ASEAN begins talks on CoC, will push for nuke-free zone
ASEAN sought to eradicate the possibility of conflict in the region as its officials began their first talks on creating a code of conduct (CoC) on the South China Sea here on Sunday, while also persuading the five nuclear countries (P5) to respect ASEAN’s nuclear weapon-free zone.
Sea raiders: Members of the Indonesian Navy’s Kopaska elite underwater demolition team are on patrol in the waters near Benoa Port in Denpasar, Bali, on Saturday. The Navy has deployed three Kopaska teams and several warships to Bali to secure the ASEAN Summit and its follow-on events, which begin on Thursday. Antara/Ari Bowo Sucipto
While each ASEAN member country has its own interpretation on what should constitute a code of conduct, their meeting to discuss more legally binding rules on disputed areas in the South China Sea is symbolic, showing that ASEAN will be united confronting China in the future.
Frequent naval clashes between claimant countries, comprising China and four ASEAN countries – Vietnam, the Philippines, Malaysia and Brunei — in the South China Sea, especially in the area near the Spratly and the Paracel Islands, have turned the territory into a source of tension in the region.
In a sign that both sides have moved toward easing tensions over various claims to energy-rich islands in the area, last July both ASEAN and China agreed on a more loose set of guidelines for cooperation on disputed areas.
The document — the guidelines for the implementation of the declaration of conduct (DoC) — is aimed to “guide the implementation of possible joint cooperative activities, measures and projects”.
The participation in the activities or projects, the guidelines say, should be carried out on a voluntary basis while initial activities undertaken under the ambit of the DoC should be confidence-building measures.
The CoC, meanwhile, could specify terms of engagement among parties in the area to avoid clashes, officials have said.
“These talks on the CoC are only at an early stage. But we have begun the discussion,” Indonesian Foreign Ministry director for ASEAN security and political affairs Ade Padmo Sarwono told a press briefing.
The Philippines and Vietnam have this year accused Chinese vessels of repeatedly intruding into areas in the Spratlys that they claim and of disrupting oil exploration well within their territorial waters. China has denied the accusations and reiterated its claim to the entire South China Sea.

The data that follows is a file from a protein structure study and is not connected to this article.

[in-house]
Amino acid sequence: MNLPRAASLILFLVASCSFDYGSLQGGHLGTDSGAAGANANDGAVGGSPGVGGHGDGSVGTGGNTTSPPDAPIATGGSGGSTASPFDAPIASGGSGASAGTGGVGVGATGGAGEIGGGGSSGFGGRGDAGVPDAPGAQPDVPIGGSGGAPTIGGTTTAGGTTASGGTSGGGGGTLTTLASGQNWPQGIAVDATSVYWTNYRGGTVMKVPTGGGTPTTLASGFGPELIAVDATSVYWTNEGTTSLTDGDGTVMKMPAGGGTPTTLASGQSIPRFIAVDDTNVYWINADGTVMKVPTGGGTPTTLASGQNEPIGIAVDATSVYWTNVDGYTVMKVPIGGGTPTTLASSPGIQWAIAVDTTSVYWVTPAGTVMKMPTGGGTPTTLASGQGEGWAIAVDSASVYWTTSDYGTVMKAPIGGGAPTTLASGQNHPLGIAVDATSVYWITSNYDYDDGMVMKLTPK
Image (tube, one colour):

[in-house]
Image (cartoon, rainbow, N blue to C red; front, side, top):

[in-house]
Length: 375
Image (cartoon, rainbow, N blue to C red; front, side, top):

On creating a boost to its Southeast Asia Nuclear-Weapon-Free Zone (SEANWFZ) Treaty, high-ranking ASEAN officials on Monday will meet their counterparts from the five nuclear states — the US, UK, Russia, China and France.
Ade said the five countries had expressed recently their willingness to talk with a regional grouping which possessed a nuclear-free zone treaty.
“Two weeks ago, the P5 countries cosponsored a UN resolution on nuclear-free zones. We will use the momentum to persuade them to respect our treaty,” he said.
Ade expressed hope that the nuclear countries would sign the SEANWFZ protocols.
“We hope the protocols will be legally binding and the five [nuclear] states will recognize ASEAN’s nuclear weapon-free zone.”
The SEANWFZ Treaty was signed by 10 ASEAN leaders in Bangkok on Dec. 15, 1995.
Signatory countries must ensure they do not use or threaten to use nuclear weapons against any party to the treaty and not use or threaten to use nuclear weapons within the SEANWFZ.
Ade said earlier that each of the five nuclear states had their own reasons for passing on the protocols, but it is believed that they refused to sign largely due to US and French objections over the unequivocal nature of security assurances and the definitions of territory, including exclusive economic zones (EEZ).
The treaty zone covers the territories, continental shelves and EEZs of the party states within the zone.